All open fires — including campfires — are prohibited throughout the Kamloops Fire Centre, which includes Summerland.
Even though fines and penalties may be imposed if someone is found to be in contravention of the prohibition, there have been violations within Summerland’s municipal boundaries.
“Overall it has been well respected and people have been pretty good,” said Fire Chief Glenn Noble.
“We have had four or five violations in the month or so since the ban was put in place.”
The fire ban went into effect on July 3, throughout most of the province and yet those who have been found in violation claim they are unaware of it, Noble said.
He explained that some of them were transients that were camping in the area.
On Saturday, Aug. 8, the Summerland Fire Department responded to a wild fire on the Summerland-Princeton Road.
The spot fire burned approximately one-tenth of a hectare, Noble reported.
“It was dealt with quickly by our guys and forestry did not attend,” he said.
Noble would remind the public that we are a long way from being out of the woods just yet, when it comes to wild fires.
The extremely dry conditions that we are now experiencing are expected to continue well into mid or late September, with the potential for an active fire to ensue.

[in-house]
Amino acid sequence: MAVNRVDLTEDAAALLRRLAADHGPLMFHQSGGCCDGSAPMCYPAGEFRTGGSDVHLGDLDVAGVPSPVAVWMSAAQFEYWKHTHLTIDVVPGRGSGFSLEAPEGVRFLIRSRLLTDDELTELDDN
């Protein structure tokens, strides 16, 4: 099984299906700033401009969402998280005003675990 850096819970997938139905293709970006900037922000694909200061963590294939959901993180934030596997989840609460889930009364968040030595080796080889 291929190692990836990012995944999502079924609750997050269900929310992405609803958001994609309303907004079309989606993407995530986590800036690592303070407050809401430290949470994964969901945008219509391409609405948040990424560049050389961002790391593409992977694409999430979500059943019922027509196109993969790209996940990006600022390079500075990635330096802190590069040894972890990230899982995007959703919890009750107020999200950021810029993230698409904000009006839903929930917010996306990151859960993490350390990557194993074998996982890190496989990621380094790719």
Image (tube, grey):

“People tend to think summer is over at the end of August, but not here,” he said.
The fire prohibition will remain in place until the public is otherwise notified.
In a recent briefing, Chief Fire Information Officer Kevin Skrepnek said that with the current drought ratings in the southern part of the province, it would take a “sustained period of rain” for the camp fire ban to be lifted.
He explained that because the soil is so dry, it cannot absorb water quickly enough, should there be any rainfall.
It would have to rain for many days to make any real difference.
Anyone found in contravention of an open burning prohibition may be issued a ticket for $345, required to pay an administrative penalty of $10,000 or if convicted in court, fined up to $100,000 and/or sentenced to one year in jail.
They could also be liable for all firefighting costs should their campfire contribute to a wildfire.